In addition, Talos recommends:

  • SOHO routers and/or NAS devices should be rebooted in order to remove the potentially destructive, non-persistent stage 2 and stage 3        malware. Internet service providers that provide affected SOHO routers to their users should reboot the routers on their customers’ behalf.
  • If you have any of the devices known or suspected to be affected by this threat, it is extremely important that you work with the          manufacturer to ensure that your device is up to date with the latest patch versions. If not, you should apply the updated patches     immediately.
  • ISPs need to work aggressively with their customers to ensure their devices are patched to the most recent firmware/software versions.

 

FortiGate AV and IPS coverage:

AV coverage is in place for known samples as: Elf/Agent.1731!tr

FortiGuard Web Filtering:

All URL’s noted by Talos, have been blacklisted since we have received the initial report via our partnership with the Cyber Threat Alliance.

IOCs:

As part of our membership within the CTA, we have received samples and IOCs in advance of the announcement of this new threat.

URI’s Associated with the 1st Stage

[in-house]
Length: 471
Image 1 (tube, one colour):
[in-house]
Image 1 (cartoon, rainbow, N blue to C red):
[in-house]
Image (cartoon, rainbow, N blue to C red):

photobucket[.]com/user/nikkireed11/library

photobucket[.]com/user/kmila302/library

photobucket[.]com/user/lisabraun87/library

photobucket[.]com/user/eva_green1/library

photobucket[.]com/user/monicabelci4/library

photobucket[.]com/user/katyperry45/library

photobucket[.]com/user/saragray1/library

photobucket[.]com/user/millerfred/library

photobucket[.]com/user/jeniferaniston1/library

photobucket[.]com/user/amandaseyfried1/library

photobucket[.]com/user/suwe8/library

photobucket[.]com/user/bob7301/library

toknowall[.]com

URI’s Associated with the 2nd Stage

91.121.109[.]209

217.12.202[.]40

94.242.222[.]68

82.118.242[.]124

46.151.209[.]33

217.79.179[.]14

95.211.198[.]231

195.154.180[.]60

5.149.250[.]54

91.200.13[.]76

94.185.80[.]82

62.210.180[.]229

91.200.13[.]76

91.214.203[.]144

6b57dcnonk2edf5a[.]onion/bin32/update.php

tljmmy4vmkqbdof4[.]onion/bin32/update.php

zuh3vcyskd4gipkm[.]onion/bin32/update.php

6b57dcnonk2edf5a[.]onion/bin32/update.php

File Hashes

1st Stage Malware

50ac4fcd3fbc8abcaa766449841b3a0a684b3e217fc40935f1ac22c34c58a9ec

0e0094d9bd396a6594da8e21911a3982cd737b445f591581560d766755097d92

2nd Stage Malware

9683b04123d7e9fe4c8c26c69b09c2233f7e1440f828837422ce330040782d17

d6097e942dd0fdc1fb28ec1814780e6ecc169ec6d24f9954e71954eedbc4c70e

4b03288e9e44d214426a02327223b5e516b1ea29ce72fa25a2fcef9aa65c4b0b

9eb6c779dbad1b717caa462d8e040852759436ed79cc2172692339bc62432387

37e29b0ea7a9b97597385a12f525e13c3a7d02ba4161a6946f2a7d978cc045b4

776cb9a7a9f5afbaffdd4dbd052c6420030b2c7c3058c1455e0a79df0e6f7a1d

8a20dc9538d639623878a3d3d18d88da8b635ea52e5e2d0c2cce4a8c5a703db1

0649fda8888d701eb2f91e6e0a05a2e2be714f564497c44a3813082ef8ff250b

3rd Stage Plugins

f8286e29faa67ec765ae0244862f6b7914fcdde10423f96595cb84ad5cc6b344

afd281639e26a717aead65b1886f98d6d6c258736016023b4e59de30b7348719